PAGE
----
O is for Organic garbage disposal
Every other week or so,I like to rummage around in the
wormatorium worm box. This week,I thought you might like a photo tour.
The worm box lives under my kitchen counter,which is convenient for dropping in kitchen scraps,and keeps the worms at a nice indoor temperature. Composting worms are happiest between 50 and 75 degrees –although they can certainly survive quite well outside in this part of the country (USDA zone 8 ). But the warmer they are,the faster they eat,and I want to really build up a lot of compost in time for spring.
On the top I have a layer of cardboard and flat newspaper,to keep the bedding warm,dry,dark,and free of fruit flies. To add food,you just peel back the top layer and drop it in.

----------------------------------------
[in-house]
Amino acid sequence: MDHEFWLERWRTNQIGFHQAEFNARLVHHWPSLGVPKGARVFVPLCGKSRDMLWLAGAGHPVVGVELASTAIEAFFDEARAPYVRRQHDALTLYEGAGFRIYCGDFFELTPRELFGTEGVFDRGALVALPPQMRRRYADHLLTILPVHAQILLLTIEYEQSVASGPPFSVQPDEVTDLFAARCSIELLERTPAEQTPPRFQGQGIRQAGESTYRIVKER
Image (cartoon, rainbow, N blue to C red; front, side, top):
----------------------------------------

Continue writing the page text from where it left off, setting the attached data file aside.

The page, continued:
Here you can see one of the main benefits of a worm box versus a regular compost bin –it’s much,much faster. Two weeks ago,this was half a head of wilted celery. As you can see,it’s almost completely broken down.
A few of our happy customers. Look how plump they are!
Here’s a close-up,so that you can see his super-full digestive tract. These guys eat non-stop,all day,all night;it’s really quite amazing.
I have happy worms! They’re making babies! Worm eggs are called “capsules.”Compost worms lay 2-3 capsules a week,and the capsules take about three weeks to hatch. Give it another month,and my worm box will be totally rockin’with the wigglers.
Since I’m using a plastic bin,which doesn’t aerate as well,I stir up all the bedding every other week or so,to let it mix around and air out. So far,things are going well,and my worm box has no appreciable odor –if you stick your face right in there,you might catch a whiff of something or other,but it’s certainly nothing you’d notice when you’re just standing next to the box. I spritz the contents with a squirty bottle whenever I put in new bedding,but I’m careful to keep it dry enough that there isn’t much “fluid”collecting at the bottom.